One of the hardest parts about giving financial advice, or any advice for that matter, is the fact that good advice alone is not enough. Good advice is all around us and people simply choose to ignore it much of the time.
Telling a friend or family member who is overweight to eat better and workout periodically is good advice. But for most people, that good advice will not be effective. They already know what they should do.
A study in Botswana found that 91% of men said they knew they that the use of a condom could help prevent the spread of HIV/AIDS, yet only 70% of them used a condom. For women, it was 92% that said they knew condoms would help versus only 63% of them that used them.
Even with very high stakes, knowledge and willpower alone are not enough to change behavior. Even the leading experts in the field of behavioral economics and human psychology have a difficult time changing their behavior.
Anyone can offer good advice but very few people or firms in the advice-giving business think beyond to also offer effective advice on top of it. Here are some examples:
Good advice is preaching to your clients to stay the course.
Effective advice is building portfolios that are durable and behaviorally aware enough to help clients stick to their plan.
Good advice is to buy low and sell high.
Effective advice is to create a rules-based system that forces you to sell a little bit of what has worked and buy a little bit of what hasn’t.
Good advice is to ignore the noise.
Effective advice is to create a comprehensive investment plan which focuses exclusively on those things that are within your control.
Good advice is giving people tactics they can apply right now.
Effective advice is building people systems they can apply over and over again to different situations.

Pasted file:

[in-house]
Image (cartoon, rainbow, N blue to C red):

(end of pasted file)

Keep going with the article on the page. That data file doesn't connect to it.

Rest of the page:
Good advice is telling people to save more money.
Effective advice is helping people automate their finances so they don’t even need to think about saving money.
Good advice is telling investors to think and act for the long-term.
Effective advice takes into account the fact that people don’t live their every day lives in the long-term.
Good advice is to do nothing most of the time when it comes to your portfolio.
Effective advice is helping people do less harm than they would do otherwise by implementing behavioral release valves.
Good advice is theoretical and unemotional.
Effective advice is practical and takes into account human nature and behavior.
Good advice offers optimal solutions.
Effective advice withholds judgment and takes into account a client’s personality, current situation, and circumstances.
Good advice is universal.
Effective advice is personal.
Good advice takes into account the historical evidence.
Effective advice marries an evidence-based approach with a deep understanding of the human element involved.
Good advice tells you how to succeed.
Effective advice shows you how to succeed.
Good advice looks for the best ideas.
Effective advice looks to destroy the worst ideas.
Good advice incorporates the best in academic research.
Effective advice incorporates academic research with real-world experiences.
Good advice finds the best investment strategy.
Effective advice finds the best investment strategy for you personally.
Good advice is intelligent.
Effective advice is easy to understand.
When Knowledge is Useless
Now here’s what I’ve been reading this week:
- Why do smart people do foolish things? (Scientific American)
- As goes the middle class, so goes TGI Fridays (Eater)
- Visualizing risk, return, and time (Dan Egan)
- Jerry Rice is a wedding crasher (The Ringer)
- 22 lessons from running a fund (Yet Another Value Investor)
- How to educate people on their finances (A Teachable Moment)
- How to develop the situational awareness of Jason Bourne (Art of Manliness)
- In search of inactive funds (TEBI)
- How to get yourself to do things (Raptitude)